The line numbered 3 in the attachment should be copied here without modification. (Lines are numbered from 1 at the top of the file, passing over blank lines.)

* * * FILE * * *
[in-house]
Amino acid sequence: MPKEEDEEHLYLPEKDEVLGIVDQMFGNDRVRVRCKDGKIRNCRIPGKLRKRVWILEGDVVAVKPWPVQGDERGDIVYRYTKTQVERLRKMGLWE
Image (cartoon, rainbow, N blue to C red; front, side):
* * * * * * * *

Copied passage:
Image (cartoon, rainbow, N blue to C red; front, side):